Key Passage: Genesis 6:5-13
If there’s one story in the Bible most people know, it’s the one about Noah and the ark—even children’s books are written about it.
But to understand the real message regarding this event, we need to look a little deeper into the scriptural account. In Noah’s story there’s a message of hope and assurance, but there’s also a warning because it demonstrates that God hates evil.
The Character of Noah
There are numerous servants of God mentioned in the Bible, but only two of them are said to have “walked with God”—Enoch and Noah. Further descriptions of Noah say he “was a righteous man, blameless in his time” (Gen. 6:9). Of all the people on earth in that day, only “Noah found favor in the eyes of the Lord” (v. 8). He was a remarkable man in his time, but he’s also someone we should aspire to be like today.
The World in Noah’s Day
Genesis 6:5-6 describes the kind of world in which Noah lived: “Then the Lord saw that the wickedness of man was great on the earth, and that every intent of the thoughts of his heart was only evil continually. The LORD was sorry that He had made man on the earth, and He was grieved in His heart.” Verse 13 adds that the earth was “filled with violence” because of mankind. The conditions were so bad that God decided to blot out mankind and all the animals with a flood—everyone, that is, except Noah and his family (vv. 7-8).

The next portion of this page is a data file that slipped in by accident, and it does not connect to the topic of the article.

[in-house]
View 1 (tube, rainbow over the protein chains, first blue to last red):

After creating the earth and all the plants and animals along with Adam and Eve, “God saw all that He had made, and behold, it was very good” (Gen. 1:31). Yet by the time Noah lived, conditions had all become so bad that God was sorry He’d made man. What had happened? The answer is sin. When sin entered the world through Adam and Eve, everything changed, and it is still having its effect today. We are living in a time when society is becoming increasingly like Noah’s day, and just as he remained righteous and blameless, walking with God, we should aspire to do so as well.
Noah’s Assignment from God
“Then God said to Noah, ‘The end of all flesh has come before Me; for the earth is filled with violence because of them; and behold, I am about to destroy them with the earth. Make for yourself an ark of gopher wood’” (Gen. 6:13-14). In a world where rain had never fallen and plants were watered by mists that arose from the ground, this must have seemed like a very strange instruction. Furthermore, Noah may not have had any building experience, but when God gives someone a task to complete, He always supplies whatever is needed.
The Lord told Noah exactly how to build the ark. It was to be 450 feet long, 75 feet wide, and 45 feet high, with three floors. It was shaped like a shoebox 1 ½ football fields long with about 100,000 square feet of space inside. God knew exactly how big it should be, what material to use to build it, how much food was needed, and how many animals would be in it.
The ark had one door, which God controlled, and one window, which Noah could control. There was no rudder or wheel because the Lord was the guide. It had no engine or sail. And it didn’t look impressive or beautiful because its purpose was simply to preserve the lives of Noah, his family, and the animals.